AS TEM­PER­A­TURES STAY HIGH, LIGHT­FOOT OR­DERS PARK DISTRICT TO OPEN SPLASH POOLS

Beaches, swim­ming pools stay closed

Chicago Sun-Times - - TOP NEWS - BY FRAN SPIEL­MAN, CITY HALL RE­PORTER fspiel­man@sun­times.com | @fspiel­man

With tem­per­a­tures con­tin­u­ing to rise well into the 90s, Mayor Lori Light­foot said Mon­day she has or­dered the Chicago Park District to open its splash pools but keep beaches and other swim­ming pools closed.

Ever since she par­tially re­opened the lake­front — for tran­sit and ex­er­cise only — Chicagoans chomp­ing at the bit to take a dip in Lake Michi­gan or dive into a pool to get some re­lief from the sum­mer heat have been ask­ing whether beaches and pools would be next.

The an­swer came Mon­day dur­ing a City

Hall news conference called to tout a util­ity bill re­lief pro­gram in­cluded in the mayor’s 2020 bud­get.

“We don’t see the beaches open­ing up any time soon,” the mayor said.

“The chal­lenge with the beaches — and with swim­ming pools, let’s just add that in — is that they are ripe for con­gre­gate gath­er­ing and not so­cial dis­tanc­ing. … Given where we are — which is progress, but we have some con­cerns — we’re not gonna take any steps that could tip us ... back­wards. So, for now, the beaches and swim­ming pools will re­main closed.”

Chicago has en­dured a steady string of days with tem­per­a­tures soar­ing into the 90s. More of the same is fore­cast be­fore tem­per­a­tures fi­nally break Satur­day.

“We’ve got cool­ing cen­ters that we’ve opened up. We’ve got cool­ing buses that are gonna be avail­able. We’re gonna be open­ing up the splash pools in the parks so that adults and chil­dren can get some re­lief,” Light­foot said.

“But I don’t see a cir­cum­stance yet be­cause I don’t think the pub­lic health met­rics will al­low for it where we’re gonna be open­ing up the beaches or swim­ming pools.”

10 busi­nesses cited for COVID ca­pac­ity vi­o­la­tions

Last week, Light­foot threat­ened to shut down bars and restau­rants that defy city ca­pac­ity lim­its, warn­ing: “If we shut you down, you’re not com­ing back any time soon.”

Light­foot de­liv­ered that toughlove mes­sage dur­ing a conference call with bar and restau­rant own­ers. She told them the July Fourth hol­i­day weekend was “make-or­break” for them. Abide by the rules or “suf­fer the con­se­quences.”

Mon­day, the Depart­ment of Busi­ness Af­fairs and Con­sumer Protection re­ported its task force of in­ves­ti­ga­tors con­ducted “49 full in­ves­ti­ga­tions” in en­ter­tain­ment dis­tricts across the city, in­clud­ing River North, Wrigleyvil­le, Lin­coln Park and Wicker Park, in re­sponse to con­sumer complaints.

In the end, 10 ci­ta­tions — each with the threat of a $10,000 fine — were is­sued to five busi­nesses ac­cused of fail­ing to main­tain so­cial dis­tance.

The depart­ment also worked with the Chicago Po­lice Depart­ment’s Marine Unit to shut down Chicago Lake­front Cruises in re­sponse to vi­o­la­tions that ap­palled the mayor af­ter she saw pictures of a crowded cruise posted on so­cial me­dia.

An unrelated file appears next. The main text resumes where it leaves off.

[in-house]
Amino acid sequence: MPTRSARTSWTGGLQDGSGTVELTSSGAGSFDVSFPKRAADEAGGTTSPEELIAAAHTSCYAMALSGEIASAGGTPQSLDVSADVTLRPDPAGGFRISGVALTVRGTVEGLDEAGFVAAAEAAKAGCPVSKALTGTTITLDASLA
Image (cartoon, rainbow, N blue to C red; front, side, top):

“That was un­be­liev­ably ir­re­spon­si­ble. … They had no pre­tense of so­cial dis­tanc­ing. They had every sin­gle per­son that was on that boat — al­most a hun­dred peo­ple — crammed into the top deck. If you’ve seen the pictures of it, it’s just out­ra­geous. I saw it on Satur­day evening, and you can be sure that I let off a few col­or­ful words [about] the stu­pid­ity of this boat,” Light­foot said.

“We shut them down on Satur­day night. The marine unit brought them back into port. We got ev­ery­body off the boat. And there’s gonna be con­se­quences for them. As I said last week, the time of say­ing, ‘Pretty please’ and ‘Won’t you’ and try­ing to ed­u­cate — that’s over. They chose to do some­thing that was a clear vi­o­la­tion, that put every sin­gle one of those peo­ple on that boat at risk. They put their prof­its over pub­lic health.”

Help avail­able with util­ity bills

The util­ity billing re­lief plan got a “soft launch” in April. The city has al­ready en­rolled 3,315 Chicagoans el­i­gi­ble for $2.9 million in debt for­give­ness af­ter send­ing out no­tices to nearly 8,000 el­i­gi­ble home­own­ers. That’s an av­er­age of nearly $900 of re­lief per-cus­tomer.

“Once you en­roll in this pro­gram, your wa­ter and sewer bill will be cut by 50% — cre­at­ing much needed space in tight bud­gets. Not only will you get re­lief on pay­ments mov­ing for­ward, you’ll also have the op­por­tu­nity to have your debt for­given if you make all your pay­ments af­ter a year in the pro­gram,” Light­foot said.

“When the deck is stacked against fam­i­lies, our whole city suf­fers. It is ab­so­lutely crit­i­cal that we help thou­sands of our fam­i­lies es­cape the crip­pling cy­cle of debt that keeps them in a con­stant state of strug­gle. … This is what equity and in­clu­sion looks like.”

ASHLEE REZIN GAR­CIA/SUN-TIMES

Of­fi­cially, Chicago’s beaches re­main closed. But with tem­per­a­tures in the 90s again, that may­oral or­der didn’t stop these peo­ple from jump­ing into Lake Michi­gan from this spot along the Lake­front Trail near West Di­versey Park­way on Mon­day af­ter­noon.

Mayor Light­foot

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